We discussed the concept of family and that it isn’t just our immediate family we need to be concerned about but our neighborhoods, cities, state, our country, and our global family. Because I know that girls can be equally as cutthroat as boys, I made sure that we had a heart-to-heart chat about trash-talking and “clowning” people and how although initially it can be lighthearted and funny, it can also be crippling and tear apart our “extended” family.

We discussed being relevant not only in this country but globally, and that true wealth (spiritual, financial, etc) can only be maintained long term by leading a dignified life, not by living up to the negative stereotypes that are projected globally about Black females. We discussed self-empowerment and not waiting on the government or specific programs to help us, that we have to help ourselves. That we shouldn’t be waiting for someone else to pick up trash on our sidewalks- we should pick it up ourselves.

We shouldn’t be waiting for someone else to cover the graffiti on our walls and buildings- we should paint over it ourselves; we shouldn’t wait for someone else to beautify our streets and parks with trees and flowers- we should plant them ourselves. I explained that they should be volunteering in their community through church or some other organization taking pride in restoring, building, maintaining, and beautifying their neighborhoods.

We had a pretty good time. We laughed and talked about boys and expectations of being respected by males and all people when you carry yourself with respect and dignity. We discussed the language of money and being financially literate, and how this literacy will empower them. It was refreshing to see that many of them have savings accounts and that two of the students had traveled abroad- one to London and the other to the Bahamas. Two young passport carriers living in an underserved and underrepresented area of Atlanta- doesn’t that give you hope? It gives me hope and encourages me to continue my work in the community, and my work through Operation HOPE.

I hope more men and women find it in their hearts to invest one hour of their time at least once per month to volunteer in a church, in a class room, or in a youth center through Operation HOPE. One person can make a difference!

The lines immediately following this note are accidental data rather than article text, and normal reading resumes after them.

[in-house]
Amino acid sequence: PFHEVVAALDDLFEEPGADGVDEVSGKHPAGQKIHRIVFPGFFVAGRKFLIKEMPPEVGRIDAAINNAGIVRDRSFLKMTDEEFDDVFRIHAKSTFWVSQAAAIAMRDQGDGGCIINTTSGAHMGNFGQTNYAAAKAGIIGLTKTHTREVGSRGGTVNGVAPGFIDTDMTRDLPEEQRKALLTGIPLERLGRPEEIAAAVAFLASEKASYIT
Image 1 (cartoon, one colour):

Copyright 2011. Natasha L. Foreman. All Rights Reserved.
natashaforeman.com
natashaforeman.info
paradigmlife.blogspot.com
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>Banking on Our Future: Taking Back Our Schools and Community

>Today I visited a middle school in Atlanta, Georgia to share a lesson on financial literacy with a group of young ladies, grades 6-8, who meet with me for roughly one hour during their art class. This is my third visit to this particular class. I visit their school as a HOPE Corp Volunteer through the Operation HOPE (HOPE) Banking on Our Future (BOOF) program. After my last visit next week, I will be returning independent of HOPE to continue reinforcing the principles and skills I have shared with them the past few weeks. I also intend to share other valuable lessons and skills that I truly believe these students need to know in order to survive and thrive in this gigantic, constantly-changing world.

When I see them I see young African-American girls who are faced with challenges of fitting in and being a part of the status quo, or stepping out and bringing about the change they want to see in their lives and in their community. I see young girls who could thrive in their studies and excel in life as leaders and change agents, but some of them would rather settle for mediocrity because they assume that is what is expected of them. Some of them have bought into the lies and imagery they see on the news, in movies and music videos; and what they hear in songs. Some of them only see what is around them, but do not take the time to dream for what could be beyond. Some look at their family situation and are content with that also being their future. Some have seen a cyclical pattern of behavior that sucks the life and hope out of people- and they don't conceive of how they can break the cycle. Some have bought the lie that they are not as smart and gifted as the average student. There are a few who have bought the label of being "special needs" and are content not pushing beyond this negative threshold.